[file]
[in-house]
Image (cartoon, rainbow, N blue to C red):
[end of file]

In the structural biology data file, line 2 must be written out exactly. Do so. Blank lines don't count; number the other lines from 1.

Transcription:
Image (cartoon, rainbow, N blue to C red):